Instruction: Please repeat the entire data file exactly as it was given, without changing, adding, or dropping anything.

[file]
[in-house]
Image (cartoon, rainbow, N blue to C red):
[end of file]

[in-house]
Image (cartoon, rainbow, N blue to C red):